It was quite late in the day by the time we arrived in Aveiro. The Sat Nav had decided yet again to try to entertain herself by trying to send us down some of the tiniest streets she could find but we scuppered her plans and arrived unscathed despite her best efforts! We must admit it wasn’t the most attractive of parking locations, in a slightly ugly, uneven and partly flooded car park but needs must. It couldn’t have been closer to the centre of town though so the pros outweighed the cons and it wasn’t long before we were off and out for an initial exploration.
Aveiro nestles inland amid an area of coastal lagoons and saltpans stretching 40km both North and South. Not far from Porto on the West coast it’s a popular weekend retreat and it soon became clear why. Historically the town had a bustling port and thriving maritime fishing and salting trade but when the river mouth silted up and was damaged by storms in the 1500s the land was swamped. It wasn’t until 1808 when access to the ocean was re-opened that the town began to flourish again and canals were dug creating the small scenic network we see today.
Our first impression was that colour is all around here. From the candy coloured art nouveau buildings with iron railings and decorative balconies to the brightly painted barges cruising the canals. The streets and architecture immediately felt authentic, not just there for show or tourists and we liked it straight away. Tiled buildings clad with Portugese azejulos stand alongside renovated salt storage barns with cobbled pavements and pedestrian only areas making it a really pleasant place to stroll through. Sticking to the central part of town for now we wandered down past the Mercado do Piexe (Fish Market) where two canals fork away from a central square.
These two waterways are lined with small bars, cafes and restaurants specialising in shellfish and seafood and were bathed in the late afternoon sunlight, their bold colours reflecting in the water. It was all we needed to be tempted in to enjoy a drink at the water’s edge, watching boats drift by and enjoy the warmth and ambience. There’s a warm, social atmosphere here in Aveiro which invites you to relax and unwind and we did. We’d planned dinner back in Buzz but both fancied staying out. Having a further walk after our drink we found ourselves in another bar, swiftly followed by enjoying a rare dinner out in a cosy little restaurant with a tantalising menu we couldn’t resist – the motorhome meal could wait!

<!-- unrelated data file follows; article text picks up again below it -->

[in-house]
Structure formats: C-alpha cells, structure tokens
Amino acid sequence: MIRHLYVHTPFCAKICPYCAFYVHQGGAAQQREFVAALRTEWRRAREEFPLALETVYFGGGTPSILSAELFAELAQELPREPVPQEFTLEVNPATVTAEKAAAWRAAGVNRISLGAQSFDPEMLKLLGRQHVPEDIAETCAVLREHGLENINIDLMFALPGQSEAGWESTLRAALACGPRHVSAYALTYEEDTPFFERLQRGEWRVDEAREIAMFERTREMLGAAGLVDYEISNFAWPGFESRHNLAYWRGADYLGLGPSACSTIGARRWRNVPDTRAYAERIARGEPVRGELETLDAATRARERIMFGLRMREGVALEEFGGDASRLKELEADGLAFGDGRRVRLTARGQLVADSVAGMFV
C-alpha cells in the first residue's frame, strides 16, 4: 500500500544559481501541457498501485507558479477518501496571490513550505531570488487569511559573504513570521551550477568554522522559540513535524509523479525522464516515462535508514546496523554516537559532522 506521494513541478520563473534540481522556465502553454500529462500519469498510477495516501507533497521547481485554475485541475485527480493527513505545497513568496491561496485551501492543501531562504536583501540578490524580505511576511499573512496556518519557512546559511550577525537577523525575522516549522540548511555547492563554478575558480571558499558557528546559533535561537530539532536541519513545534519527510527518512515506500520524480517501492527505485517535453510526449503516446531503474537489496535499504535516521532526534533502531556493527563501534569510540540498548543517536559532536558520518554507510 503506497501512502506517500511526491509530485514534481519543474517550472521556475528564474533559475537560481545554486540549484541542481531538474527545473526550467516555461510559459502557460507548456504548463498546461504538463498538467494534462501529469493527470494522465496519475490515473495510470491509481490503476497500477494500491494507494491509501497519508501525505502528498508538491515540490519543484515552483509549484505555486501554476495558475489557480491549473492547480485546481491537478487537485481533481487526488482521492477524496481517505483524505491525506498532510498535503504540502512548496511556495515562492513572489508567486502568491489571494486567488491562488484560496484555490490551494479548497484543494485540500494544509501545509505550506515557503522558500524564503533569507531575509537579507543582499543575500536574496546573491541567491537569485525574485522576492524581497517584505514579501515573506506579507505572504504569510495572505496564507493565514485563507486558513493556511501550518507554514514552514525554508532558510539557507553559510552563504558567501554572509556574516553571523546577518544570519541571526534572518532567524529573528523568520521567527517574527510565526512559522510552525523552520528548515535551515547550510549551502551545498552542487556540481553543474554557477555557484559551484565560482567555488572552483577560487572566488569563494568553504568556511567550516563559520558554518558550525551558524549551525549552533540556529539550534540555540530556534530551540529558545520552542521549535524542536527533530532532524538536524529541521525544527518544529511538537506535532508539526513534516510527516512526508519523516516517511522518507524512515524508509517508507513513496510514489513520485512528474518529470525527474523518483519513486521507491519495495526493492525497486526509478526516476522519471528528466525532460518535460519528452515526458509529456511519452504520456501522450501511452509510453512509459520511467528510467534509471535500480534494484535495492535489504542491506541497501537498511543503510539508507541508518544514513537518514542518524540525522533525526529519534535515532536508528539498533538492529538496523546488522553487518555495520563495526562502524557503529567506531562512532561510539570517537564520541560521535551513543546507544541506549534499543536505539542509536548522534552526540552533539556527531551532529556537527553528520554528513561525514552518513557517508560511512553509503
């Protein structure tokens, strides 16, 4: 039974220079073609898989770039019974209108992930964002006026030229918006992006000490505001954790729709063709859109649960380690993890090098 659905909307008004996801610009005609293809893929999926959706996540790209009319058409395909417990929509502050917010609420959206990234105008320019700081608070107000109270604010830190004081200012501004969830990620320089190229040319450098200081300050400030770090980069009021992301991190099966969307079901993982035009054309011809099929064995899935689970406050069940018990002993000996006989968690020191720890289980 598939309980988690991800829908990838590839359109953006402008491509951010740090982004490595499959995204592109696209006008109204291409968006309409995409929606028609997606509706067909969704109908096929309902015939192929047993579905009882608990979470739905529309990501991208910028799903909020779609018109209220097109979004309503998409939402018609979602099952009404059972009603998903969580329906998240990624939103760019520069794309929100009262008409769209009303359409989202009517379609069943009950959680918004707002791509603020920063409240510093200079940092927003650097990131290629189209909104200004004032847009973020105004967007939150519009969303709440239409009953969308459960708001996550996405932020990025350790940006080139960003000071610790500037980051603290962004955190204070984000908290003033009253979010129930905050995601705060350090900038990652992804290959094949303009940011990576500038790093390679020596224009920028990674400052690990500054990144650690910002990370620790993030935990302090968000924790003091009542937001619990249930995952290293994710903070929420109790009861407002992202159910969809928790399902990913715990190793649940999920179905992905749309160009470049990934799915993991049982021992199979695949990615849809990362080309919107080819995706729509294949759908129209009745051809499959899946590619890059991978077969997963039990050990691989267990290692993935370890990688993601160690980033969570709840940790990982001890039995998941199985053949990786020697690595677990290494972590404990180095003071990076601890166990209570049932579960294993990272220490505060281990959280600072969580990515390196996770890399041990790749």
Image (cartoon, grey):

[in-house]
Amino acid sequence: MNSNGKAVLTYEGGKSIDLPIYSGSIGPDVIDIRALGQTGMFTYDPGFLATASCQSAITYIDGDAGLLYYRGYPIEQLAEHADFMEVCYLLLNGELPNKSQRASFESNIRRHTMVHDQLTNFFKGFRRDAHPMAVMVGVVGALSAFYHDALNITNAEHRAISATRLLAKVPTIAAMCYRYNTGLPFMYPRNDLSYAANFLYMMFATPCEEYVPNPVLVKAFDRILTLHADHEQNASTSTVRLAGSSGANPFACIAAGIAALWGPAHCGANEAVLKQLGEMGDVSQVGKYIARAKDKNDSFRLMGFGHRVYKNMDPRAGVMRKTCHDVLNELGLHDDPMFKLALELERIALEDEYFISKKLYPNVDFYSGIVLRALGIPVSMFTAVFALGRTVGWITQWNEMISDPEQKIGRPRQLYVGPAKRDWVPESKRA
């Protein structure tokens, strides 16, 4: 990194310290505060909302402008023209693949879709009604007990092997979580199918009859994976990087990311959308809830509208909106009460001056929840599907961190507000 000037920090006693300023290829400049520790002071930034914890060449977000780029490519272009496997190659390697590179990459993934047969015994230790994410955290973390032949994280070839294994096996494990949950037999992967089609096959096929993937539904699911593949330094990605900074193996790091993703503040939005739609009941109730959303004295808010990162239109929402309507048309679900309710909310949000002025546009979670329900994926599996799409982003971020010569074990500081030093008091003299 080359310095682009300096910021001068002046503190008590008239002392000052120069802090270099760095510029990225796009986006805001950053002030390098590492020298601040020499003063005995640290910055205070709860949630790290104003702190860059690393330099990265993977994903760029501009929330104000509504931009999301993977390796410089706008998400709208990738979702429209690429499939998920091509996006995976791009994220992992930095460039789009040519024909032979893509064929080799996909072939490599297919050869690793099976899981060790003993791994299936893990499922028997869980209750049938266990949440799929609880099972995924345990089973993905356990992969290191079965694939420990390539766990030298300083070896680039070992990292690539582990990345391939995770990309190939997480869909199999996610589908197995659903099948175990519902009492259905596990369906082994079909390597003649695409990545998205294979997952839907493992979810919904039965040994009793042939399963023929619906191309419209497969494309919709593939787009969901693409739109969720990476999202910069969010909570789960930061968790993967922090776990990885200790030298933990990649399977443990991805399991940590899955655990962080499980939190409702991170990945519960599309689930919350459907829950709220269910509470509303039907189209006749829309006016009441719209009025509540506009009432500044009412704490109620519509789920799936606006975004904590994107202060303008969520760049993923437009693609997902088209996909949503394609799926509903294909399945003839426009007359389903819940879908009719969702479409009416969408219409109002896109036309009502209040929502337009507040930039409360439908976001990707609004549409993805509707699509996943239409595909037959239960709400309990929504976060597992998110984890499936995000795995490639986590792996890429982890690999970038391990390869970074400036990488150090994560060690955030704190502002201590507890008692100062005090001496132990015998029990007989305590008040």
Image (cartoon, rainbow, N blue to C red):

Fog was all we could see when we woke up the next morning so we took our time getting ready and by 11am it had cleared. Walking through the town we noticed several roads cordoned off and runners on the streets. It soon became clear after seeing several more that there was a road race and we later found out it was the Marathon of Europe, a 42km run with over 5,000 athletes from 17 nations competing. At the end point we could see that they had set off at 8.30am and the runners coming in now were finishing at around 4.5 hours. The finish line was a welcoming sight I’m sure, set out in front of the 1910 Fabrica de Ceramica de Jeronymo Pereira building, an iconic old red clay building renowned for its industrial architecture. Later on we saw several of the competitors hobbling home through the streets, barefoot clutching their trainers, looking utterly exhausted.